In a landmark case in 2018, a heterosexual couple won the right to enter into a civil partnership. This resulted in a change in the law and, as of 31st December 2019,
heterosexual couples who want to legally formalise their relationship can choose
whether to enter into a civil partnership or marry.
So, how do you decide which is best for you?
Difference between civil partnership and marriage
The legal status of civil partnerships and marriages is equivalent. Both confer the same rights in terms of inheritance, pensions and tax benefits, however there are few notable differences:
, Marriage is formed by the exchange of vows, whereas a civil partnership is formed by the signing of a document.
, Currently, on a marriage certificate, only the names of the spouses’ fathers are noted – not their mothers. On a civil partnership document the names of both mothers and fathers are noted.
, Marriage is ended by ‘divorce’ and a civil partnership is ended by ‘dissolution’, although the procedure is fundamentally the same.
, The grounds for annulling or dissolving a civil partnership differ slightly to
those available for ending a marriage by divorce.
, The term ‘husband’ or ‘wife’ is for married couples. In a civil partnership,
the term ‘civil partner’ is used.
Why the change in the law?
Historically, only opposite sex couples could legally formalise their relationship
by marriage and benefit from accompanying rights such as inheritance, pensions and tax benefits.
In 2004 the right to legally formalise a same sex relationship was granted by the introduction of the Civil Partnership Act. However, as heterosexual couples had the right to marry, this didn’t apply to them.
The law developed in 2013 under the Marriage (Same Sex Couples) Act to give
same sex couples the right to marry. Yet, at the same time, the Government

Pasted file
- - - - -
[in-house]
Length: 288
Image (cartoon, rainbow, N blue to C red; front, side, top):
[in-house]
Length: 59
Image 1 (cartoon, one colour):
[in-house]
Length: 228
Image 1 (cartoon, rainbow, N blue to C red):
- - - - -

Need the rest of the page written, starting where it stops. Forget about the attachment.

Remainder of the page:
determined that civil partnerships should continue to apply to same sex couples
only. Same sex couples therefore had the choice of civil partnership or marriage,
whereas opposite sex couples didn’t. Calls of discrimination followed, highlighted by the case of Rebecca Steinfeld and Charles Keiden who wanted to enter a civil partnership as they fundamentally disagreed with the patriarchal origins of marriage.
They challenged the law on the basis that it breached their human rights. The Supreme Court unanimously agreed that restrictions on civil partnerships were
discriminatory. As a result, the law was changed and heterosexual couples now
have the same choice afforded to them as same sex couples: marriage or civil
Of course, whether you and your partner choose to marry or enter into a
civil partnership is a personal decision. Whichever you choose, you should be aware that both carry serious financial implications. It is, therefore, highly sensible to seek advice from a family solicitor before legally formalising your relationship.
If you would like advice on civil partnership or marriage, please contact the family team at Moore Blatch, based in Richmond.
For more information, Laura Sanderson on 020 8332 8678.